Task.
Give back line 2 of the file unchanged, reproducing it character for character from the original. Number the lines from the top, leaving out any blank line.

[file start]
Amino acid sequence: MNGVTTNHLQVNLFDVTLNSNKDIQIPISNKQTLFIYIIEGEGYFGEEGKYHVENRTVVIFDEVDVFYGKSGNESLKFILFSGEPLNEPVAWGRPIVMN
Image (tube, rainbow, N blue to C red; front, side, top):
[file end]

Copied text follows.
Image (tube, rainbow, N blue to C red; front, side, top):